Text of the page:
“If you want to send a message, call Western Union.” – Samuel Goldwyn
Much if not all of the Trump boomlet is fueled by a frustration with and distrust of a party establishment that seems not only cozy with progressives, but comfortable with progressivism. Articles by both Reihan Salam and Glenn Reynolds have made this point, and it’s one that Mark Steyn has talked about. Americans are happy to play politics between the 40-yard-lines. Given a perpetual choice between 49-yard-lines, though, they rebel.
The problem is that this rebellion isn’t necessarily coherent, and is usually destructive. In 1968, Democrats sent a message to Lyndon Johnson, and got Richard Nixon elected. In 1992, Republicans sent a message to George H.W. Bush in the form of Pat Buchanan, and got Bill Clinton elected.
A close analogy is here in Colorado in the 2010 governor’s race. Unpopular incumbent Democrat Bill Ritter decided not to run for re-election amid rumors of personal scandal. The Republicans, with festering dissatisfaction at the “establishment” after losing marquee statewide races in 2004, 2006, and 2008, had a choice between stalwart conservative, but presumed establishment favorite, Rep. Scott McInnis of Glenwood Springs, and unknown, blank-slate, self-professed Tea Party businessman Dan Maes. When fellow Republicans satisfied a personal vendetta by leaking allegations of plagiarism just before the primary election, many Republicans registered their complaints by either not voting for McInnis or voting for Maes, who squeaked by with a major upset win.
The other factor was a widespread, small-l libertarian-fueled distrust and honestly hatred of the party officials and party officialdom. I was at Denver party breakfasts in 2008 when Dick Wadhams was raked over the coals by the Ron Paul people, and that resentfulness has percolated (and been stoked by the large-l Libertarians) ever since. It certainly was around in 2010.
Maes, frankly, had no business being the nominee, and no business being a statewide candidate. He had no idea what he was doing, no interest, apparently, in the nuts and bolts of an active campaign, no willingness to spend endless hours on the phone raising money. And the Republican party blew as good an opportunity as we ever had in the Tea Party year of 2010 to reassert control over state government.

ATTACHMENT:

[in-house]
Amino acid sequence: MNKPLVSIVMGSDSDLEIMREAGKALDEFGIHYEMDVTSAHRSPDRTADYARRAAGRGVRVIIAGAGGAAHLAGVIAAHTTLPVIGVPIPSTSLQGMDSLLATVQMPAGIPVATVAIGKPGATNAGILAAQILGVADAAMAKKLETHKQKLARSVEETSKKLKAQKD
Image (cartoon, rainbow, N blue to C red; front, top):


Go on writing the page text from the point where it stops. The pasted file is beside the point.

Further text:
The current national dynamics eerily and scarily resemble those of 2010 here in Colorado. Candidates actually capable of uniting the various factions of the party, or bringing a unique and valuable message, are getting shut out of the process because it’s All Trump All The Time.
While I remain convinced that there’s no way on God’s green earth the party will actually nominate Donald Trump as its presidential candidate, he’s sucking oxygen from as deep and talented a field as I’ve seen in my lifetime at the national level.
That depth, by the way, is also in large part the result of a 20-year effort to grow the party at the state legislative level. It’s meant letting each state party find its way and find horses for courses, as the saying goes. That’s resulted in Republican government in states as diverse as Michigan and Alabama, but it’s also meant that those state parties differ much more from each other than they might once have. The only person capable of uniting a national party is a presidential candidate, and the nominating process is a means of having the debate to decide where we want to go nationally.
A political party is a coalition of diverse interests, but there are elements outside the party who can’t stand that fact, and would be perfectly delighted to see the national party dissolve into factional bickering and resentfulness. There’s absolutely no good reason to let that happen, or to nominate less than our best this year.